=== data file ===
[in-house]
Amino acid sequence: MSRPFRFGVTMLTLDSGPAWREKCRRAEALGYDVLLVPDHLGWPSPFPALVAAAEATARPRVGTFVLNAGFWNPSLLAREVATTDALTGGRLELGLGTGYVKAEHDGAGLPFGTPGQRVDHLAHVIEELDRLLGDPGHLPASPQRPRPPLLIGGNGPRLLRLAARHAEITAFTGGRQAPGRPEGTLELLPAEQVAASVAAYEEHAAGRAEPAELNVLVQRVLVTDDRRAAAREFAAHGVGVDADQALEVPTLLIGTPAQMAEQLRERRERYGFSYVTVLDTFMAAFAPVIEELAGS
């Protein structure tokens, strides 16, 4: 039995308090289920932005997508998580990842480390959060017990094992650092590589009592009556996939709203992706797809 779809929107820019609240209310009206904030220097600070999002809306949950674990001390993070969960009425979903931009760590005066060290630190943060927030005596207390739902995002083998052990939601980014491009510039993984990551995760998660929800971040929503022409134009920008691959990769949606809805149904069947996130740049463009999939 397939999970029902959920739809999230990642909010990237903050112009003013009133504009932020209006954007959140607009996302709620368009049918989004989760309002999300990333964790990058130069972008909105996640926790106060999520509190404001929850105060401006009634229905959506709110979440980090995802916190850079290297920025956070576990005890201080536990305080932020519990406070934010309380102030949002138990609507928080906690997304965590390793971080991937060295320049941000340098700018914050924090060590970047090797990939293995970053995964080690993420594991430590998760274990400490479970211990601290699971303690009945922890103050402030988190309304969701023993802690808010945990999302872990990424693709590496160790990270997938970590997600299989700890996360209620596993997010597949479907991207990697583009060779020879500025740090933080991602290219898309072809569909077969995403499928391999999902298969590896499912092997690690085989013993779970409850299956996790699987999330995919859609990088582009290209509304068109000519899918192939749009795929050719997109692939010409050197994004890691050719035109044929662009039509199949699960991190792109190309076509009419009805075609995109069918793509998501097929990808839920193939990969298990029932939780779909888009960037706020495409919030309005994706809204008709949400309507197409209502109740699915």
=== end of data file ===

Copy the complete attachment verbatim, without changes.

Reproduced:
[in-house]
Amino acid sequence: MSRPFRFGVTMLTLDSGPAWREKCRRAEALGYDVLLVPDHLGWPSPFPALVAAAEATARPRVGTFVLNAGFWNPSLLAREVATTDALTGGRLELGLGTGYVKAEHDGAGLPFGTPGQRVDHLAHVIEELDRLLGDPGHLPASPQRPRPPLLIGGNGPRLLRLAARHAEITAFTGGRQAPGRPEGTLELLPAEQVAASVAAYEEHAAGRAEPAELNVLVQRVLVTDDRRAAAREFAAHGVGVDADQALEVPTLLIGTPAQMAEQLRERRERYGFSYVTVLDTFMAAFAPVIEELAGS
């Protein structure tokens, strides 16, 4: 039995308090289920932005997508998580990842480390959060017990094992650092590589009592009556996939709203992706797809 779809929107820019609240209310009206904030220097600070999002809306949950674990001390993070969960009425979903931009760590005066060290630190943060927030005596207390739902995002083998052990939601980014491009510039993984990551995760998660929800971040929503022409134009920008691959990769949606809805149904069947996130740049463009999939 397939999970029902959920739809999230990642909010990237903050112009003013009133504009932020209006954007959140607009996302709620368009049918989004989760309002999300990333964790990058130069972008909105996640926790106060999520509190404001929850105060401006009634229905959506709110979440980090995802916190850079290297920025956070576990005890201080536990305080932020519990406070934010309380102030949002138990609507928080906690997304965590390793971080991937060295320049941000340098700018914050924090060590970047090797990939293995970053995964080690993420594991430590998760274990400490479970211990601290699971303690009945922890103050402030988190309304969701023993802690808010945990999302872990990424693709590496160790990270997938970590997600299989700890996360209620596993997010597949479907991207990697583009060779020879500025740090933080991602290219898309072809569909077969995403499928391999999902298969590896499912092997690690085989013993779970409850299956996790699987999330995919859609990088582009290209509304068109000519899918192939749009795929050719997109692939010409050197994004890691050719035109044929662009039509199949699960991190792109190309076509009419009805075609995109069918793509998501097929990808839920193939990969298990029932939780779909888009960037706020495409919030309005994706809204008709949400309507197409209502109740699915």